The present invention relates to a system for the management of equipment, and particularly to the management of sports equipment. The invention identifies inventory, tracks inventory during the conversion from its status from inventory to valued asset, and provides a provenance for items of sports memorabilia.
 Tracing its origins to the trading cards children would collect and trade of their favorite professional athletes, the sports memorabilia market is now a huge industry. Sports enthusiasts will pay large sums of money for items associated with their favorite teams and players. A visit to any professional sporting venue reveals stores selling replica jerseys. Labels sewn into the jerseys stating “Official” or “Authentic” are intended to convince the purchaser that the item is identical to the one worn by their favorite player. Even more valuable to a collector is an item actually worn or used in a game. Collectors today will pay much more for a jersey or other piece of equipment used in a game.
 As in the antique industry, with sports memorabilia, the history of an item is important when calculating value. For example, a civil war era pistol is a valuable item to a collector. A civil war era pistol owned by U. S. Grant or Robert E. Lee would be worth considerably more. An item separate from such a pistol that establishes a history of ownership is called provenance. In the sports memorabilia industry provenance can enhance the value of an item. For example, if a player sets a record in a game, the jersey he wears while breaking that record will be valuable. After the game, some person must take possession of the jersey and deliver it to a prospective buyer with some assurance that the jersey is the one worn in the game. Because of the potential money at stake, there is incentive for dishonesty.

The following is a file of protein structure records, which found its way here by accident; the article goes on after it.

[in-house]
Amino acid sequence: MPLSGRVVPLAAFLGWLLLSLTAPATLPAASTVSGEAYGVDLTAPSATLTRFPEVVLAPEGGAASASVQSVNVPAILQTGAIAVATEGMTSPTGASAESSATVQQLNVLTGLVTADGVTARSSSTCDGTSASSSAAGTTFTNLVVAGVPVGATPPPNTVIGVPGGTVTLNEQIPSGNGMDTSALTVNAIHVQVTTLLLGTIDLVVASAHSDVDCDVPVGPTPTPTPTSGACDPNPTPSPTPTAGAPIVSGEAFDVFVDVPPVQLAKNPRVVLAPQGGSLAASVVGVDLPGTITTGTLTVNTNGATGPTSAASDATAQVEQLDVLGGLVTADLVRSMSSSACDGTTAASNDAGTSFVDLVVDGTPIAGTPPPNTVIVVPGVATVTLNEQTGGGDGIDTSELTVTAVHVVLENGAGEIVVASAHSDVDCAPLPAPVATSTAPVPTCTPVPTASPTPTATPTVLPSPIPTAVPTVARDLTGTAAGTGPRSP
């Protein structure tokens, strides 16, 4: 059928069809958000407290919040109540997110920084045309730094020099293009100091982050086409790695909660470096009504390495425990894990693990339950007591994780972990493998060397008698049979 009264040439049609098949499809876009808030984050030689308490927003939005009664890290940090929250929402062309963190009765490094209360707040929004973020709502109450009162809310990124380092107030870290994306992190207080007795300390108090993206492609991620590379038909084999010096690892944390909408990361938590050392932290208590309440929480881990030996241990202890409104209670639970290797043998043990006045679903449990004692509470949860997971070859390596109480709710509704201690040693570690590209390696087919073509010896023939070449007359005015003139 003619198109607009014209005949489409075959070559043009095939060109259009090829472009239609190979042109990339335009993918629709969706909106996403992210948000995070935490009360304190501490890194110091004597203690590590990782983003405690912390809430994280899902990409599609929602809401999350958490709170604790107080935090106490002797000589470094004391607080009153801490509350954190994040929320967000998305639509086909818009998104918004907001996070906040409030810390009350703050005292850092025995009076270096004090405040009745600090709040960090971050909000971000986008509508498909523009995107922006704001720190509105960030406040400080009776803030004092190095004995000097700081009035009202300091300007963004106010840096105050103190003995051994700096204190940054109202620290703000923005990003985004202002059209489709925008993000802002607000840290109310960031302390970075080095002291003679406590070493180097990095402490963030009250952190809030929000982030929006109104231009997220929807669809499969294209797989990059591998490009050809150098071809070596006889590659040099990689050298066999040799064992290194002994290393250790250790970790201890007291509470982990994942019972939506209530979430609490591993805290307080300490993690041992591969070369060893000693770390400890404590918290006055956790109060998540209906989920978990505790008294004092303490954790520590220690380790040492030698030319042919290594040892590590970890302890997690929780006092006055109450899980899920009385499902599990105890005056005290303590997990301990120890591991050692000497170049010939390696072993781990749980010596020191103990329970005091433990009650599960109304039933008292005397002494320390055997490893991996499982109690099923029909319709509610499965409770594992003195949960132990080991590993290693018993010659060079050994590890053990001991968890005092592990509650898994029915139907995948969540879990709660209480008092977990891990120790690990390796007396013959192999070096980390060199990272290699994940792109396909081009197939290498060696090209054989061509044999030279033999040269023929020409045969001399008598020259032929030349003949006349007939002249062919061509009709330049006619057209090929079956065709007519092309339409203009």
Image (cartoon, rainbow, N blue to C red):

One of the main concerns for this industry is authenticity. A common method of authentication is to have the athlete sign an item for sale. According to information on the Federal Bureau of Investigation (FBD website more than fifty percent of autographed memorabilia may be forged. The forged items are often provided with forged certificates of authenticity and photographs of the athlete signing a similar item. Unfortunately, unless the collector receives the item directly from the athlete there is often no way of being sure of authenticity.
 A professional sports team is operated as a business. Identifying and exploiting new revenue sources is critical to success. It is also important to minimize expenses.
 There is a need for a system which can account for every piece of equipment owned by a team and the use of that equipment. U.S. Pat. No. 6,195,006 (herein incorporated by reference) to Bowers et al. discloses an inventory system using RFID tags. This system can account for every piece of inventory and provide circulation status. U.S. Pat. No. 5,796,351 (herein incorporated by reference) to Yabuki discloses a system for providing information about exhibition objects. These systems could be adapted for use with the equipment used by a sports team but neither of these systems would be able to identify a piece of sports memorabilia and provide a record of its use in a game. There is a need for a system which can identify a piece of equipment used in a game which can subsequently be sold as a piece of sports memorabilia. There is a further need for a system which can provide the provenance of an item of sports memorabilia. The provenance provides a history of the item as well as authentication. This invention fills these needs.